Find Palladio’s Influence On Freed American Slaves’ Homes

St Paul Episcopal Church, 1853, Caldwell, Liberia. Photo: Max Belcher 1978

What do you think of when you hear the name Andrea Palladio? No who understands architectural history can answer.  OK, you can answer; better yet, I’ll answer.  Palladio — himself influenced by Roman and Greek architecture– was an Italian architect who is often widely regarded as the father of Western architecture.  His style, design influence, and teachings are summarized in his architectural treatise, The Four Books of Architecture, which gained him wide recognition. Palladio’s impact reached beyond typical locations, as this exhibit — “Genealogies” by photographer Max Belcher — points out at the newly-renovated Palladio Museum.  Some examples of the Italian architect’s encroaching influence includes the homes built by freed American slaves upon returning to Africa.  

Belcher’s photographs showcase how the local African vernacular, materials, and construction techniques resemble the white gables and columns from the neoclassical style Palladio was well-known for.  In ancient Rome, Vitruvius used the pitched wooden hut as a model to shape the temple in stone, and that triangular pediment from most temples was then incorporated by Palladio in his villa designs during the Renaissance.  Back in the first half of the 1800’s, a number of various philanthropic organizations in North America assisted the newly freed African-Americans return to their homeland of Liberia. Inspired by the square-planned building with porches, columns, and gables from the neo-Palladian mansions from American plantations, the freed slaves turned away the desire of the local circular-style native homes.  It resulted in turning traditional African dwellings into newly translated and reinterpreted works of neoclassical architecture.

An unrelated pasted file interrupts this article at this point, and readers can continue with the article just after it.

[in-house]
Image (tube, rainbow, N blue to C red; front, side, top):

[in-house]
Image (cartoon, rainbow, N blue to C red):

Facade of the Palladio Museum in Palazzo Parbaran da Porto. Image: Studio Scandurra Milano
The Tylor Mansion, ca. 1880, Arthington, Liberia. Photo: Max Belcher 1977

Photographer Max Belcher’s exhibit, ”Genealogies,” is on view at the Palladio Museum until March 31, 2013.

[Thanks Architizer]

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